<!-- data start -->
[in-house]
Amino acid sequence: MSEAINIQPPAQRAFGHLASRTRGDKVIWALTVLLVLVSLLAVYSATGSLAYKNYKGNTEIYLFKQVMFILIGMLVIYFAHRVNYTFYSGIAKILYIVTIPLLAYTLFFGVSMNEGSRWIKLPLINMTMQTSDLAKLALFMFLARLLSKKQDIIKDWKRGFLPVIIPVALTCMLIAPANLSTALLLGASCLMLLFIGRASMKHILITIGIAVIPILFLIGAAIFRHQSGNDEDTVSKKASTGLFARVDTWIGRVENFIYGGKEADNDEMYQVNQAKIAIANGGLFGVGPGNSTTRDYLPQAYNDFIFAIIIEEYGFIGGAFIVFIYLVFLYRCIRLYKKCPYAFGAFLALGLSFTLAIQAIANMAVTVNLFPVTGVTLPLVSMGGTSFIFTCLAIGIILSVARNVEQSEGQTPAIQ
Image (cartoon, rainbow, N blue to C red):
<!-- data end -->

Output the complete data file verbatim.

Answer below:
[in-house]
Amino acid sequence: MSEAINIQPPAQRAFGHLASRTRGDKVIWALTVLLVLVSLLAVYSATGSLAYKNYKGNTEIYLFKQVMFILIGMLVIYFAHRVNYTFYSGIAKILYIVTIPLLAYTLFFGVSMNEGSRWIKLPLINMTMQTSDLAKLALFMFLARLLSKKQDIIKDWKRGFLPVIIPVALTCMLIAPANLSTALLLGASCLMLLFIGRASMKHILITIGIAVIPILFLIGAAIFRHQSGNDEDTVSKKASTGLFARVDTWIGRVENFIYGGKEADNDEMYQVNQAKIAIANGGLFGVGPGNSTTRDYLPQAYNDFIFAIIIEEYGFIGGAFIVFIYLVFLYRCIRLYKKCPYAFGAFLALGLSFTLAIQAIANMAVTVNLFPVTGVTLPLVSMGGTSFIFTCLAIGIILSVARNVEQSEGQTPAIQ
Image (cartoon, rainbow, N blue to C red):